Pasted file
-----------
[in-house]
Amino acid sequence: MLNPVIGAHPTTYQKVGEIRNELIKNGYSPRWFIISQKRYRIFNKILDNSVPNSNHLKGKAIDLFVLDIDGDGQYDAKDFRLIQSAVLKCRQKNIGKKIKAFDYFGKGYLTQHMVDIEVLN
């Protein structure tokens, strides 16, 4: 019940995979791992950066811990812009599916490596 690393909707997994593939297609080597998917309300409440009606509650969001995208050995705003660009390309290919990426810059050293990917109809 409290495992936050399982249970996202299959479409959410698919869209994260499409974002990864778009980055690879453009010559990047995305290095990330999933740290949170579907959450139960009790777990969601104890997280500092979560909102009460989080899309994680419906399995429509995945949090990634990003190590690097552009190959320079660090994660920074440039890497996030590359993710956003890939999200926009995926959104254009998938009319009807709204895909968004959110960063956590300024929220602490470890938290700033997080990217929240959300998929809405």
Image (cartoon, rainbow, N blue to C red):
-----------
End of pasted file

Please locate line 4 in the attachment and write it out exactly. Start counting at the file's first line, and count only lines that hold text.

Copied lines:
Image (cartoon, rainbow, N blue to C red):